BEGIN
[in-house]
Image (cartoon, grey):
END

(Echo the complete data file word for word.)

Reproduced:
[in-house]
Image (cartoon, grey):